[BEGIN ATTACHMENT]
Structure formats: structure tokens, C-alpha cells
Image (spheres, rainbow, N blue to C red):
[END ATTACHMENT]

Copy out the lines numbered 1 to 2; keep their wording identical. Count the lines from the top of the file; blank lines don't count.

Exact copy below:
Structure formats: structure tokens, C-alpha cells
Image (spheres, rainbow, N blue to C red):